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View Full Version : everything you ever wanted to know about fire but were afraid to ask



MikeWhalen
06-28-2017, 04:52 PM
some cool stuff here, even for a guy thats pretty experienced and building/using camp fires
...I liked the graph of the 5 stages fire goes through

https://www.vox.com/2016/7/20/12212472/how-to-build-a-fire-like-a-caveman

Mike

Saetro
06-28-2017, 09:20 PM
some cool stuff here, even for a guy thats pretty experienced and building/using camp fires
...I liked the graph of the 5 stages fire goes through

https://www.vox.com/2016/7/20/12212472/how-to-build-a-fire-like-a-caveman

Mike

Back in the 1970s when I was at university, some of our approaches might now look a little crude.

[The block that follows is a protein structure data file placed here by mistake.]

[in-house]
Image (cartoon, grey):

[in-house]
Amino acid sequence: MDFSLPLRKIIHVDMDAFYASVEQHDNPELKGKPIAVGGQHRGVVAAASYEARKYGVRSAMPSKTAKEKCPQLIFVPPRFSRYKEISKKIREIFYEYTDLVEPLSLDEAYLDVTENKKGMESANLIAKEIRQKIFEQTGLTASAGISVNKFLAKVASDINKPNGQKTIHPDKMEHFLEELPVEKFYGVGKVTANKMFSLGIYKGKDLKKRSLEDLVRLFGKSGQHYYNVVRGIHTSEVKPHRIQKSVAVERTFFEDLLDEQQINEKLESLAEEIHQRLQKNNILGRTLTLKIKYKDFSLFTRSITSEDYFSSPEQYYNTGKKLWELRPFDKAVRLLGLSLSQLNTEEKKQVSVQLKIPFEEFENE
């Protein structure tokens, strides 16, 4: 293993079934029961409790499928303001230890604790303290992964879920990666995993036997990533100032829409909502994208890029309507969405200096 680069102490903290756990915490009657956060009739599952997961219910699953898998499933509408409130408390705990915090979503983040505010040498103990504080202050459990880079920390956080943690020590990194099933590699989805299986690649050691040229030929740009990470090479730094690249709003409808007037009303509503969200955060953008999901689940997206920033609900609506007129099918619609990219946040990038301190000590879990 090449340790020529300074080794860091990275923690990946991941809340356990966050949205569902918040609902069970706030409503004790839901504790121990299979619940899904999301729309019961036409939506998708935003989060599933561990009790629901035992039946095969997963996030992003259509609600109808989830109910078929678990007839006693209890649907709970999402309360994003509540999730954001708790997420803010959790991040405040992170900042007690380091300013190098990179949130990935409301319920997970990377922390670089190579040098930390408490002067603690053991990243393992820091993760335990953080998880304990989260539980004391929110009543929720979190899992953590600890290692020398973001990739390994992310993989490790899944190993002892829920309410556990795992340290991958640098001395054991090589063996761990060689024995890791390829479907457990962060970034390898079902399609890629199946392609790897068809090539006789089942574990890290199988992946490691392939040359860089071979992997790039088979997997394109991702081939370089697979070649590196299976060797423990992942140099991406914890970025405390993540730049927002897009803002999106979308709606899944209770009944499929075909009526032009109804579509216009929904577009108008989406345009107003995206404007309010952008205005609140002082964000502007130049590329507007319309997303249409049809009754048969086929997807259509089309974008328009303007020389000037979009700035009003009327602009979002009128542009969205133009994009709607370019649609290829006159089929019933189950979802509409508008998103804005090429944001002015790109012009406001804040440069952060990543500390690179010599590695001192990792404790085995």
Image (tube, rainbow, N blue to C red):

For example, in biochemistry, to see how a complex cellular system worked, we would try to sabotage it in various ways.
In organic chemistry, one way to work out the structure of something might still involve pyrolysis - controlled burning to some more stable fragment.
That end result gave us a fair idea of what the original structure was, and we could use other techniques like the sophisticated spectrographic methods to find out more.
At the time, I thought pyrolysis was barbaric - something from the nineteenth century.
Later I realised it helped understand fire.

More importantly, we use aspects of this in cooking and food preparation.
Closest to home is probably those bitter compounds we generate in coffee beans when roasting them.
The original compounds tend to reorganise into the flavours we enjoy.
Overdo it and the roast will be too bitter.

So, enjoy your next cup of pyrolised delight!